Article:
I’d like to believe that people aren’t jerks and that they are simply preoccupied with the growing amounts of information with which we are faced every day. This is easier to stomach.

There is also the possibility that maybe parents and society, in general, don’t teach manners anymore. My own parents worked to set a good example for my siblings and me and I’d like to think that I’m a polite and respectful person because of it.

I don’t let doors hit people and I thank those who do the same for me. Ultimately, it comes down to treating others as we want to be treated ourselves. If I don’t hold the door for somebody who has his or her arms full, then maybe somebody won’t hold the door for me when it’s pouring rain and I’ve got a stack of books in my arms.

Maybe that’s the way to inspire door etiquette: think of yourself and what you want and then project that onto your behaviour around other people. While this concept feels selfish, it also makes sense in a world where a lot of doors are opening and closing on a lot of innocent people.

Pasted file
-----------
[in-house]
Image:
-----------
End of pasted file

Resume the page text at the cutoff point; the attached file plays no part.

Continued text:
Before I end this surely-stimulating discussion of door etiquette, I guess that it is important to mention an exception for door holding. Don’t hold a door for somebody who is too far away. If they are still halfway across the parking lot or street, then holding the door for them puts the burden on them to hurry up to catch your politeness. That’s crazy. It’s extremely awkward when I’m walking toward a building at school and I look ahead of me (like fifty meters) and somebody is holding the door and looking at me expectantly. I usually end up trotting to catch up and get through the door, but it makes both the holder and the enter-er feel awkward and sometimes annoyed. Not cool.